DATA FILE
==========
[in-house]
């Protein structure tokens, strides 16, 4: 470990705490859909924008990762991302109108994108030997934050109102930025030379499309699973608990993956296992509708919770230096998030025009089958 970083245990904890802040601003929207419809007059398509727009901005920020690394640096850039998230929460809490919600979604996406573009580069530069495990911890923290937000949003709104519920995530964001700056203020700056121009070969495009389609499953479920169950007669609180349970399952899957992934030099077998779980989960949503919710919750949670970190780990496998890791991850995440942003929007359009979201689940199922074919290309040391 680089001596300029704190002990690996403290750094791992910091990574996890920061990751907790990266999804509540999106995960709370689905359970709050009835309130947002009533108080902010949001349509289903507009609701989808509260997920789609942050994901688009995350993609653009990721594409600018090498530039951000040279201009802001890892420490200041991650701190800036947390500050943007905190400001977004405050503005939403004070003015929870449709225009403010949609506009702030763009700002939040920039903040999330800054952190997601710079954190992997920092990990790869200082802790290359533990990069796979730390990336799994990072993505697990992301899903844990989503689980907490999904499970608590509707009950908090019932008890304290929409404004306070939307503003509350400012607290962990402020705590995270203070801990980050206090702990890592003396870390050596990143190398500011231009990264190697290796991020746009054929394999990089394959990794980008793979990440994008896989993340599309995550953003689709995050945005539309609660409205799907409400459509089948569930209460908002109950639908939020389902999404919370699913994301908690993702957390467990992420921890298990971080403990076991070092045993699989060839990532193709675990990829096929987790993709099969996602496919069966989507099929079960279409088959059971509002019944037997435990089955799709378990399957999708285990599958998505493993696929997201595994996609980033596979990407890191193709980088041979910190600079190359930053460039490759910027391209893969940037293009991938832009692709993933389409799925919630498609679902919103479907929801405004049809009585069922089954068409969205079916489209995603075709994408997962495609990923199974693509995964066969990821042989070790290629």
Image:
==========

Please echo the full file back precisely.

[in-house]
């Protein structure tokens, strides 16, 4: 470990705490859909924008990762991302109108994108030997934050109102930025030379499309699973608990993956296992509708919770230096998030025009089958 970083245990904890802040601003929207419809007059398509727009901005920020690394640096850039998230929460809490919600979604996406573009580069530069495990911890923290937000949003709104519920995530964001700056203020700056121009070969495009389609499953479920169950007669609180349970399952899957992934030099077998779980989960949503919710919750949670970190780990496998890791991850995440942003929007359009979201689940199922074919290309040391 680089001596300029704190002990690996403290750094791992910091990574996890920061990751907790990266999804509540999106995960709370689905359970709050009835309130947002009533108080902010949001349509289903507009609701989808509260997920789609942050994901688009995350993609653009990721594409600018090498530039951000040279201009802001890892420490200041991650701190800036947390500050943007905190400001977004405050503005939403004070003015929870449709225009403010949609506009702030763009700002939040920039903040999330800054952190997601710079954190992997920092990990790869200082802790290359533990990069796979730390990336799994990072993505697990992301899903844990989503689980907490999904499970608590509707009950908090019932008890304290929409404004306070939307503003509350400012607290962990402020705590995270203070801990980050206090702990890592003396870390050596990143190398500011231009990264190697290796991020746009054929394999990089394959990794980008793979990440994008896989993340599309995550953003689709995050945005539309609660409205799907409400459509089948569930209460908002109950639908939020389902999404919370699913994301908690993702957390467990992420921890298990971080403990076991070092045993699989060839990532193709675990990829096929987790993709099969996602496919069966989507099929079960279409088959059971509002019944037997435990089955799709378990399957999708285990599958998505493993696929997201595994996609980033596979990407890191193709980088041979910190600079190359930053460039490759910027391209893969940037293009991938832009692709993933389409799925919630498609679902919103479907929801405004049809009585069922089954068409969205079916489209995603075709994408997962495609990923199974693509995964066969990821042989070790290629």
Image: